After him, Pena allowed two hits and a walk in his two innings of work, and Lyon pitched a perfect tenth before Valverde did his impression of mid-June 2006. Be interesting to see who comes in today, if the Diamondbacks get a save situation, with Jose having appeared for two days in a row, and Peña throwing 29 pitches. Will they run Papa Grande out there for a third day, or switch to, perhaps, Brandon Medders? Let's hope it's a moot point, as we crush the Rockies and get a complete game from Doug Davis. :-)

Our "aggressive baserunning" cost us in the second. Our first two got on, and Snyder then singled: Hairston was held at third, but Young steamed right around second, and we basically ended up with two men sharing the same base. Instead of bases loaded, one out, it was men on the corners with two out - and with Hernandez at the plate, that was the end of that. It took us into the fifth innings to claw back the Rockies 2-0 lead, with RBI singles from Hudson and Byrnes wiping out the deficit.

Drew, Jackson, Byrnes and Hairston all had two-hit nights, and Hairston also nailed Atkins at home-plate to end the eighth and preserve the tie. On the other hand, Tracy went 0-for-4 with a K and a GIDP: on the basis of that performance, looks like his weakness against lefties is unredeemed this season. Young was also 0-for-4, and Hernandez 0-for-3 with 2 K's: the latter is only worthy of mention because Livan came with a rep as a bit of a hitter. But since coming over from Washington, he's now just 2-for-26 - that's about half Webb's average last year.

Painful though it was, best remember that these things happen: if it's the last blown save of the year, I'll be deliriously happy. If Byrnes or Callaspo had made their plays, we'd probably have been celebrating another Diamondbacks win, and the base-running issues from earlier on in the game also hurt us, so we can't put all the blame on him. He's just a highly-visible component of the defeat, much more so than he was for the win yesterday. Saving is a thankless task: you're supposed to do it, and every failure is magnified as a result. I'd certainly rather have close losses like this, than blowout defeats; if we can stay in all 162 games this year, we'll be okay.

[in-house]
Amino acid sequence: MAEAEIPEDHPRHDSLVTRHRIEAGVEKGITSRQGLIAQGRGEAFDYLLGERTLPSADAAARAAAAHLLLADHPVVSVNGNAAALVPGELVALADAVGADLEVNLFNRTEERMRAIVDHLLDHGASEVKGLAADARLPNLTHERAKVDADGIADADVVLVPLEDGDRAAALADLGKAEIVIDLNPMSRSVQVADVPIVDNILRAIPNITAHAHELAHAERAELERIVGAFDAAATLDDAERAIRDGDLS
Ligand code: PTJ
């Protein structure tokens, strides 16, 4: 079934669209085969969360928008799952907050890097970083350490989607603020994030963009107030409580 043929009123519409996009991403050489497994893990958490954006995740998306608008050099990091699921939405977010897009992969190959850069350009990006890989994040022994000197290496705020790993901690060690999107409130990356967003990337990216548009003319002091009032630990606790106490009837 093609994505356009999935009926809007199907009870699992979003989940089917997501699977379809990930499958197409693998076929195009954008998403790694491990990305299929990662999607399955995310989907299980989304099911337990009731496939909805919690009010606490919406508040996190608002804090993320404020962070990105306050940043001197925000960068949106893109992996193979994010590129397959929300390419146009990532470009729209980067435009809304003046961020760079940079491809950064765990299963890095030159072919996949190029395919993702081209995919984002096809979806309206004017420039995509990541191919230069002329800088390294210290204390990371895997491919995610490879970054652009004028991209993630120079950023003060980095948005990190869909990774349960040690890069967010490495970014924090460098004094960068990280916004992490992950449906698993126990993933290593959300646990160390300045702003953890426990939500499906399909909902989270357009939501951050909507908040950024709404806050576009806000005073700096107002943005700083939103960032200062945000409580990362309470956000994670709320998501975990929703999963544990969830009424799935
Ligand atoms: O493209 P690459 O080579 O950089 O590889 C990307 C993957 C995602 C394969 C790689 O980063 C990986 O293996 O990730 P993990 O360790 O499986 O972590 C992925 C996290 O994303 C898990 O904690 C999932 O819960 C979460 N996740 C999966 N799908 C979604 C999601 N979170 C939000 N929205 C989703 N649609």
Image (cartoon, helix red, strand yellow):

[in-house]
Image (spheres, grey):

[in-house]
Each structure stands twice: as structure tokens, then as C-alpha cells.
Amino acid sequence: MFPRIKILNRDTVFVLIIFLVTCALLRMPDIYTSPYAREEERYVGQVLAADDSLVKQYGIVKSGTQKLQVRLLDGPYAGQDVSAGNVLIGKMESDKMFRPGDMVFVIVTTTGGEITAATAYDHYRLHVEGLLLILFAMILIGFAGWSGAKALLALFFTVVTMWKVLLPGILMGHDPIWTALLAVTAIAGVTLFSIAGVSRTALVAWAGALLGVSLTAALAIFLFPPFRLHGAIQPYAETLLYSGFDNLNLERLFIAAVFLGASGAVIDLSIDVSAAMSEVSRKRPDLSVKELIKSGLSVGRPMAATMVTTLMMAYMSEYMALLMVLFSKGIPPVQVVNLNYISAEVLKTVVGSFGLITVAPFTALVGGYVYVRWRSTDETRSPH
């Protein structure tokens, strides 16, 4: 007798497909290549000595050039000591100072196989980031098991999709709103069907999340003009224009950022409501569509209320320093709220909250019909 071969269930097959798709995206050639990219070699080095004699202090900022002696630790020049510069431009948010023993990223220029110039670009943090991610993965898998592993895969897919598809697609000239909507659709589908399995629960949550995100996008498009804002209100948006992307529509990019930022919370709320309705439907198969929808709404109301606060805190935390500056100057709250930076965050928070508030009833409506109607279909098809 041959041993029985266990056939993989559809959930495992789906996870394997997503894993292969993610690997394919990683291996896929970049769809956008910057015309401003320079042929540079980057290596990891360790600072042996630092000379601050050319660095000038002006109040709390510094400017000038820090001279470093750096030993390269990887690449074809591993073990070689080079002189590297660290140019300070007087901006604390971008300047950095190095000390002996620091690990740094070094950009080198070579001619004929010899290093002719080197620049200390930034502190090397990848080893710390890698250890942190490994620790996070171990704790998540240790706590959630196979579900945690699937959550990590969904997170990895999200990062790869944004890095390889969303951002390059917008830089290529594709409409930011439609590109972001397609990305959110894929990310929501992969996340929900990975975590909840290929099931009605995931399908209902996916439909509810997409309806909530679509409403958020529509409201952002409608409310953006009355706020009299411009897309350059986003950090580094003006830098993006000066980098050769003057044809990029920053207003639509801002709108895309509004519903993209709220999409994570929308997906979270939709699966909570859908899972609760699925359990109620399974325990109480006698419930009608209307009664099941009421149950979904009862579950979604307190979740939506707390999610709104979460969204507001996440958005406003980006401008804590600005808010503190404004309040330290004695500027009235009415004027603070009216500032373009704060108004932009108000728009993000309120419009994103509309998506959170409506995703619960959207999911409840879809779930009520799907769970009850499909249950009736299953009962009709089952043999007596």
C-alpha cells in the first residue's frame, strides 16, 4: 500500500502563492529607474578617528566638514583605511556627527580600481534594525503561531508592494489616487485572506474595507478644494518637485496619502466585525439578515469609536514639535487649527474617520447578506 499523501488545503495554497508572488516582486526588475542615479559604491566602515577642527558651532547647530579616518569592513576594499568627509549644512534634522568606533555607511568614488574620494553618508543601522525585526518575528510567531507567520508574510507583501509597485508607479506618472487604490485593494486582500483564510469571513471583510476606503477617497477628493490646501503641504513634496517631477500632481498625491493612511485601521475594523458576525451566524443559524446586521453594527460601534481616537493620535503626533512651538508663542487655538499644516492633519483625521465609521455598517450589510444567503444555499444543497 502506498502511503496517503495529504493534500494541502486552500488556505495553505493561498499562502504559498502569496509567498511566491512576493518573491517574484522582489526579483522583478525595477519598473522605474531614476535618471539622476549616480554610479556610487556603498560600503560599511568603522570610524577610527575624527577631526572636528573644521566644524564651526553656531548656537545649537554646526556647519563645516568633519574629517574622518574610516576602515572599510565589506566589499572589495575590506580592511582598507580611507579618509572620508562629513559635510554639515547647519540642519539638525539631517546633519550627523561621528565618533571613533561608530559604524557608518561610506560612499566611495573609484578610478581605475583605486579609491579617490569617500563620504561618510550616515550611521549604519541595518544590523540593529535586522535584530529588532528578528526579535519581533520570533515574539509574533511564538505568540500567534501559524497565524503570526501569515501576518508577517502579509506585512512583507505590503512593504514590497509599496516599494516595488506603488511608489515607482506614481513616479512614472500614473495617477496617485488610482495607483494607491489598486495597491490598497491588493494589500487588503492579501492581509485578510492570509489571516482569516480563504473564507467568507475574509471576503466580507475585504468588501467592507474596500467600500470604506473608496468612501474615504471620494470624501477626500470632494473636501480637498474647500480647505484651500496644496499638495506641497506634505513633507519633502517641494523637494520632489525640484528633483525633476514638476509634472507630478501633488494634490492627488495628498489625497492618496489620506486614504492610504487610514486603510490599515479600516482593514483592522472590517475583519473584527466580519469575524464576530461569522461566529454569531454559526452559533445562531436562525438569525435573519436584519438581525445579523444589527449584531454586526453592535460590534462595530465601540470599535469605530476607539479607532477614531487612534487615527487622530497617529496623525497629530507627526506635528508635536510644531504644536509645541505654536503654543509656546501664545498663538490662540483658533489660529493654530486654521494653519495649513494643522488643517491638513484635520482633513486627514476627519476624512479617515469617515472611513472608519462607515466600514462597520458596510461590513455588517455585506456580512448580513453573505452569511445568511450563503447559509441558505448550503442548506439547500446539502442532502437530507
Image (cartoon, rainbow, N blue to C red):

Another brilliant performance from our commentators yesterday, surging to 220 comments. [Hey, when I said, "Try harder" I didn't expect anyone would listen! We still trail Purple Row and their 222 though. :-(] Let's hear it for: VIII, qudjy1, cavscout, unnamedDBacksfan, suitsmetoATnT, DiamondbacksWIn, TheMainMan, AZDarkKnight, npineda, Devin, William K, singaporedbacksfan, azdbacks51, johngordonma, MisterTinDC, soco, trevjohnson, Diamondhacks, webby17 and quintero. Wow, if I get many more, the roll-call will be longer than the game report. Day-game today, so I'm not expecting anything near as much. Wouldn't mind, though...